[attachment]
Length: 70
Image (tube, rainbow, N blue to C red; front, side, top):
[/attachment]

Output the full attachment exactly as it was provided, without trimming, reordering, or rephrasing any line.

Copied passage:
Length: 70
Image (tube, rainbow, N blue to C red; front, side, top):